Last week Tim Kaine of Virginia accepted his nomination as vice president of the United States on the Democratic ticket.
In 2015 Senator Tim Kaine spoke at the 2015 K-12 STEM Symposium, along with is wife Ann Holton. At the time, Holton was Virginia’s Secretary of Education, under Governor Terry McAuliffe.
As a deep supporter of STEM (science, technology, engineering and mathematics), Kaine first saw the value of STEM education while working at his family’s business. The employees he worked with did not have college degrees but had careers in technical STEM education. With this, the welders and ironworkers were able to create tremendous, individualized pieces. Years later, while attending Harvard Law School, Kaine took a year-long sabbatical in order to work with Jesuit missionaries in Honduras. He ran a welding and carpentry school that once taught 25 kids. The school now teaches over 325 students each year.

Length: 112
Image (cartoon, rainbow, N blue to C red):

While Tim Kaine was running for Governor, he advocated for excellent career and technical programs with the Governor’s School label. He knew that Governor’s School could serve purposes in addition to college preparations and that wonderful things can be achieved with a technical degree. Kaine co-founded the notion of the Governor’s Career and Technical Academies, programs for students to help them obtain technical and scientific disciplines in addition to their coursework at school.
When Kaine first became a member of the Senate, he was disappointed when he was unable to join the education committee. Rather than giving up on education, he began to work on career and technical education (CTE) opportunities in Virginia, a champion of this type of learning in Virginia.
Kaine concluded his remarks by stressing that the country relies deeply on more and more people graduating in CTE and STEM fields and that waiting until college is waiting too long; you have to start early.